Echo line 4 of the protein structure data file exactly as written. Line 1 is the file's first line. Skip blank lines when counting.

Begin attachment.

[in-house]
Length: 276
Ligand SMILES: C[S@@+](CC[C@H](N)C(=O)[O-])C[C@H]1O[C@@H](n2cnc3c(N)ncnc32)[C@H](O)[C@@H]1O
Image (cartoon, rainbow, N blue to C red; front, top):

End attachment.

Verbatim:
Image (cartoon, rainbow, N blue to C red; front, top):